5. Review each group’s planting decisions once they have been finalized, then provide them with crayons. As a group, you will work to develop a map to plot your crops on your land.
6. Instruct students to color the grid on their Farm Map worksheet based on the acreage they decided to plant of each crop.
1. Talk to students about the importance of budgeting.
For example, as business owners, it’s important to budget tracking both your costs and income. We categorized these in two categories projected and actual.
2. Read students the definitions of projected and actual.
Ask: What are some costs that farmers would need to account for on a farm? (inputs, labor, etc.)
1. Distribute the 5 Crop Income Reports for each crop to each group.
2. Instruct students to pass one to each group member, each group member will be in charge of a different crop for their group.
3. List your farm name in the space provided at the top of the worksheet.
4. In the projected acres box for both revenue and expenses, record the number of acres your group decided to plant of that crop. Multiply the numbers across the row to determine the Projected Total Revenue in the top section and the Projected Expenses in the lower section.
5. In the revue section, record your Projected Total Expenses from below to determine the Projected profit/loss.
6. On your Income Summary Report, compile each crops Projected Profit/Loss.
7. Calculate the Projected Initial Profit/loss by adding all of the above projected profits together.
Income Summary Report
1. On your Income Summary Report, compile each crops Projected Profit/Loss.
2. Calculate the Projected Initial Profit/loss by adding all of the above projected profits together.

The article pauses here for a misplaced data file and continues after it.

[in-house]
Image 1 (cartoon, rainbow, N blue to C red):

Why do a Projection?
1. Describe the importance behind calculating projections using the points provided on the slide.
Roll the Dice!
1. Distribute a dice to each group.
2. Have each group member roll the dice and record it on their Crop Income Report under the space provided, Crop Dice Roll # ________
How did your crop fare?
1. Explain that there are many variables that affect the profitability of a crop.
2. Distribute a set of Unknown Variables Cards to each group.
3. Explain that each group member should grab the card associated with the crop that they have been calculating the income report for.
4. Using the number that they just rolled on the dice, they will read that number scenario on their unknown variable card.
5. Record the consequence of that unknown variable in the space labeled consequence:___________. For example, yield decrease by 15%.
6. Have students work to fill in their actuals on the Crop Income Report using the changes in their farm from their unknown variables.
7. Once students have recorded their acres, yield per acre and sales price, have them multiply the three numbers together to determine the Actual Total Revenue.
8. Then, have students calculate the Actual Total Expenses by multiplying acres by cost per acre. Record it in the box labeled Actual Total Expense.
9. Students will use that same number to record it in the Actual Total Expenses box to be subtracted by the Actual Total Revenue.
10. Subtract the Actual Total Expense by the Actual Total Revenue to determine the Actual Profit/Loss.
Income Summary Report Calculations
1. Compile each crops Actual Profit/Loss on the Income Summary Sheet.
Note: Remind students that a positive number is a profit and a negative number is a loss.
Expect the Unexpected!
1. Explain to students some of the unexpected incidences that could occur on a farm that would result in unexpected expenses.
Note: the pictures displayed on this slide are all photos from farmers in Oregon and provide real-world examples of those unexpected expenses.
Unexpected Events Report
1. Have one person from each group roll their dice, all members in their group will record the same number on each of their Crop Income Reports under Group Dice #__________ .
2. Read through the unexpected event scenario on the Unwanted Variables Cards to see the consequence associated with the dice roll. Record the consequence in the space provided on the Crop Income Report under Unexpected event:__________________.
Income Report Calculations
1. Add or subtract the unexpected event’s consequence to the Income Summary Report under the row ”Unexpected Revenue or Expense”
2. Calculate the Final Profit/Loss for your farm and record it in the space provided.
1. Review the questions on the final slide with students.
2. Make sure they have the chance to ask questions!